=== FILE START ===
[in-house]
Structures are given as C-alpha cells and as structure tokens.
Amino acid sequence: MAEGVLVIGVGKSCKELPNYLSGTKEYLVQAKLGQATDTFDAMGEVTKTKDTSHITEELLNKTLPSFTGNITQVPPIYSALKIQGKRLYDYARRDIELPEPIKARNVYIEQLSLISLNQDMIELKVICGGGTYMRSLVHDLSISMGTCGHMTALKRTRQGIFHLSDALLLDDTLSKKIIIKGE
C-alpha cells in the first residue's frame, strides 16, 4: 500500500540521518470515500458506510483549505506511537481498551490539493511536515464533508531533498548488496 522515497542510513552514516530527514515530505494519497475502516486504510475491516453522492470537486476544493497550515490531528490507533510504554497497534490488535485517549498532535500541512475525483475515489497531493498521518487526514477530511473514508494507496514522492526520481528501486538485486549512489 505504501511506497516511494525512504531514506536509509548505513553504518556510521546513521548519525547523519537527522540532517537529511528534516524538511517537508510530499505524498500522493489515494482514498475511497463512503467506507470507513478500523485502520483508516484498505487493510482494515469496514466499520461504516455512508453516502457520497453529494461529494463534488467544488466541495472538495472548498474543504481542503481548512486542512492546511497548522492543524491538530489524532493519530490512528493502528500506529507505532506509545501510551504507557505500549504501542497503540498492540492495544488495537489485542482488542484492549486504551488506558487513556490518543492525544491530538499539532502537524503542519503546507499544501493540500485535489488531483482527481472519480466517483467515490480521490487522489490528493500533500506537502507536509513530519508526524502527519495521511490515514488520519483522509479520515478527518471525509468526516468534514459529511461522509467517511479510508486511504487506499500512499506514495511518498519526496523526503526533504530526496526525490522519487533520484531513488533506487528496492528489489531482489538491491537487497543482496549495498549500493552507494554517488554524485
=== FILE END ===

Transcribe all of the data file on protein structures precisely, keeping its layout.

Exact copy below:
[in-house]
Structures are given as C-alpha cells and as structure tokens.
Amino acid sequence: MAEGVLVIGVGKSCKELPNYLSGTKEYLVQAKLGQATDTFDAMGEVTKTKDTSHITEELLNKTLPSFTGNITQVPPIYSALKIQGKRLYDYARRDIELPEPIKARNVYIEQLSLISLNQDMIELKVICGGGTYMRSLVHDLSISMGTCGHMTALKRTRQGIFHLSDALLLDDTLSKKIIIKGE
C-alpha cells in the first residue's frame, strides 16, 4: 500500500540521518470515500458506510483549505506511537481498551490539493511536515464533508531533498548488496 522515497542510513552514516530527514515530505494519497475502516486504510475491516453522492470537486476544493497550515490531528490507533510504554497497534490488535485517549498532535500541512475525483475515489497531493498521518487526514477530511473514508494507496514522492526520481528501486538485486549512489 505504501511506497516511494525512504531514506536509509548505513553504518556510521546513521548519525547523519537527522540532517537529511528534516524538511517537508510530499505524498500522493489515494482514498475511497463512503467506507470507513478500523485502520483508516484498505487493510482494515469496514466499520461504516455512508453516502457520497453529494461529494463534488467544488466541495472538495472548498474543504481542503481548512486542512492546511497548522492543524491538530489524532493519530490512528493502528500506529507505532506509545501510551504507557505500549504501542497503540498492540492495544488495537489485542482488542484492549486504551488506558487513556490518543492525544491530538499539532502537524503542519503546507499544501493540500485535489488531483482527481472519480466517483467515490480521490487522489490528493500533500506537502507536509513530519508526524502527519495521511490515514488520519483522509479520515478527518471525509468526516468534514459529511461522509467517511479510508486511504487506499500512499506514495511518498519526496523526503526533504530526496526525490522519487533520484531513488533506487528496492528489489531482489538491491537487497543482496549495498549500493552507494554517488554524485